Focused on advancements in hollow fiber membrane technology, Parker Hannifin’s Engine Mobile Filtration EMEA Division (EMFE) and the Fraunhofer Institute for Microengineering & Microsystems are working together to further develop and test new proprietary hollow fiber membrane technology designed for fuel cell humidification. The outcome could lead to improved efficiency and longer operating life for fuel cells.
Parker has extensive experience developing membrane filtration solutions for a variety of applications, including fuel cells. The company first introduced membrane fibers for gas separation in the 1980s and is now leveraging this knowledge to develop the next generation of fuel cell humidifiers.
“We are delighted to launch this partnership with the Fraunhofer IMM, a world leader in applied research,” said Jonathan Griffith, General Manager of EMFE at Parker.
“Fuel cell technology is key to helping reduce emissions worldwide. We are confident that with Fraunhofer’s development assistance and the support of Parker’s EMFE R&D site in Stuttgart, Germany, among others, we will continue to improve our hollow fibre membrane technology, extend the service life of fuel cell humidifiers, and increase efficiency for our customers.”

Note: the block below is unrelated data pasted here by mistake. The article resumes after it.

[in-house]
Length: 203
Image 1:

The partnership is expected to run for up to two years and covers three areas: efficiency evaluations of existing Parker-designed fuel cell humidifiers; development and use of a specialized test rig; and performance simulations to identify the effects of fiber length, diameter, and permeability on the humidifiers.
“Fraunhofer IMM has extensive knowledge and experience in handling and conditioning gases for applications including fuel cells, fuel processors and more,” said Dr. Gunther Kolb, Head of Energy Division, Fraunhofer IMM. “We understand the importance of improving fuel cell technology as the world transitions to cleaner sources of energy. Fraunhofer researchers are looking forward to working with Parker’s engineering experts to create a new generation of fuel cells.”
Hollow fiber membranes are typically polymer-based filters made of long and flexible porous filaments packed into a cartridge. They can be engineered to act selectively to remove particles based on their size, allowing particles to pass through fine pores or to be filtered according to their molecular size.